Let’s talk about the movie Labyrinth. Let’s talk about behind the scenes of Labyrinth.
I’ve never liked the movie. In fact, I hate the movie. But I sure know a lot of youngsters who loved it, and there’s an entire generation of youngsters who like it a lot more than anyone liked it when it first came out.
I hate it because it has too much crying baby in it, and there are two things I hate in the movies: loud telephone rings and crying babies. It’s not even the sound of the crying babies that gets to me — I can live with that. What gets to me is that I can’t watch that sort of thing without thinking, “that baby is really crying. They all stood around and held lights, cameras and booms while that baby sat there and cried and cried.”
In this case, the baby in the movie was played by Toby Froud. The conceptual artist and costume designer on the film was Brian Froud.
The one good thing about Labyrinth: Jennifer Connelly still had her eyebrows back then.
Recently I saw this bit of video from the Jim Henson Company, by way of io9, in which we get to see how they filmed the scenes where David Bowie’s character, Jareth, manipulates several crystal balls. The manipulations were actually done by juggler-genius Michael Moschen:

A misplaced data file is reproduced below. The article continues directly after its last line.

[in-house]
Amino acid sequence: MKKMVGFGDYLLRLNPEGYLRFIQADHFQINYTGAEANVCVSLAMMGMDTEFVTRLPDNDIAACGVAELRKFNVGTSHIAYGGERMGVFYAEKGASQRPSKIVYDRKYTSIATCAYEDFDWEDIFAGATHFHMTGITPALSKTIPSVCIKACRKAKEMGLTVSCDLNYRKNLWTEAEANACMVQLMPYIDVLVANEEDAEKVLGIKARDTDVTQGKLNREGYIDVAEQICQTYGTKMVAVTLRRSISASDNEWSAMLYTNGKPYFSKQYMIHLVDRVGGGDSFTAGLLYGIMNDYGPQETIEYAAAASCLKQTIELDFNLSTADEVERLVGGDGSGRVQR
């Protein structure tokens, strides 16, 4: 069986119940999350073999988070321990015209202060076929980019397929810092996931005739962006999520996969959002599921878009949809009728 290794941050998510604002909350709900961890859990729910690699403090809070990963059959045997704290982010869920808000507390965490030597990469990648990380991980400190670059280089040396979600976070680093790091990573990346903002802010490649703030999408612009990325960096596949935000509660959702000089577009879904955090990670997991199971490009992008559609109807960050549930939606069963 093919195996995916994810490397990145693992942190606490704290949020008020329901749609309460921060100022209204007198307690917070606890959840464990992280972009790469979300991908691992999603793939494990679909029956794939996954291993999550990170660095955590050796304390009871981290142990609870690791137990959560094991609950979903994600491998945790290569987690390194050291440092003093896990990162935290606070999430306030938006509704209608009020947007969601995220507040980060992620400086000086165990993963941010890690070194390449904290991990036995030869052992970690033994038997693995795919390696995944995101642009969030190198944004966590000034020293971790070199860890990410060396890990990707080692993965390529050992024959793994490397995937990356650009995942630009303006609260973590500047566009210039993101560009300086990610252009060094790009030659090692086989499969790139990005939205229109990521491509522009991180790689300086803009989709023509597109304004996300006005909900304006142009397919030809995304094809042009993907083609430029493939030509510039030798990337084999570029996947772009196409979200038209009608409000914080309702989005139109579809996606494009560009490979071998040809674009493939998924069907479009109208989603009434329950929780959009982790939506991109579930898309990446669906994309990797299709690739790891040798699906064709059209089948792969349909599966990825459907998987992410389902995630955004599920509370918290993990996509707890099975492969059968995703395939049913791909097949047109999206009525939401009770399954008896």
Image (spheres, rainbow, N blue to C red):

While we’re at it, here’s another video, with David Leavis talking about what it was like to be David Bowie’s stunt double:
And, for the opinion of Monty Python’s Terry Jones, who wrote the screenplay, look at a reprint of a 1987 interview right here, in which Jones describes the many ways the movie turned out to be a disappointment to him. Including this:
“Most of the script changes were a result of casting David Bowie in the role of Jareth. After the first draft everybody said they loved the story and thought it was great. Then, about a month later, Jim came up and met with Brian [Froud] and myself and said that he wanted David Bowie to play the Goblin King. Of course as soon as he said that it blew the whole story because it meant he (Bowie) would have to appear all the way through the film and he would have to sing.”
Finally, for a real life labyrinth, try following these arguments from The Vigilant Citizen all the way to the conclusion. It’s called “A Blueprint to Mind Control,” and it’s truly about what’s behind the scenes.
The Vigilant Citizen specializes in seeing the deep meanings behind symbols in pop culture. Usually the deep meaning have to do with all of us (except them, I mean) being victims of mind control. But we are not victims of mind control. We’re not.
Their analysis of Labyrinth goes way behind trying to figure out the true meaning behind David Bowie’s haughty codpiece, which was nominated for an Oscar.